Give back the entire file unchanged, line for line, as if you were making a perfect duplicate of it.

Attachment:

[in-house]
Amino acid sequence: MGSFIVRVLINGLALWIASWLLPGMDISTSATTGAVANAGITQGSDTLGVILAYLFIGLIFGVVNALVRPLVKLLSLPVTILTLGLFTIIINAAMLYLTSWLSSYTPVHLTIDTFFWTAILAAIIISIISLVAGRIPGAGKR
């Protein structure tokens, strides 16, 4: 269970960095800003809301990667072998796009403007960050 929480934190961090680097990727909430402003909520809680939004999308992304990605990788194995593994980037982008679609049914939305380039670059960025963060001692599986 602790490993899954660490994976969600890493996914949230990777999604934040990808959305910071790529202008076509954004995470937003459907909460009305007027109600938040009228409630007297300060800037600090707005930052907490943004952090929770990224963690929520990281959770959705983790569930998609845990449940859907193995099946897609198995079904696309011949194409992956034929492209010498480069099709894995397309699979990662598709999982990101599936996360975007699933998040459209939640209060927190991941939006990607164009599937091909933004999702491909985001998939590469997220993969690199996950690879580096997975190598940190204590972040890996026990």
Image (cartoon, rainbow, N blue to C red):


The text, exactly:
[in-house]
Amino acid sequence: MGSFIVRVLINGLALWIASWLLPGMDISTSATTGAVANAGITQGSDTLGVILAYLFIGLIFGVVNALVRPLVKLLSLPVTILTLGLFTIIINAAMLYLTSWLSSYTPVHLTIDTFFWTAILAAIIISIISLVAGRIPGAGKR
């Protein structure tokens, strides 16, 4: 269970960095800003809301990667072998796009403007960050 929480934190961090680097990727909430402003909520809680939004999308992304990605990788194995593994980037982008679609049914939305380039670059960025963060001692599986 602790490993899954660490994976969600890493996914949230990777999604934040990808959305910071790529202008076509954004995470937003459907909460009305007027109600938040009228409630007297300060800037600090707005930052907490943004952090929770990224963690929520990281959770959705983790569930998609845990449940859907193995099946897609198995079904696309011949194409992956034929492209010498480069099709894995397309699979990662598709999982990101599936996360975007699933998040459209939640209060927190991941939006990607164009599937091909933004999702491909985001998939590469997220993969690199996950690879580096997975190598940190204590972040890996026990």
Image (cartoon, rainbow, N blue to C red):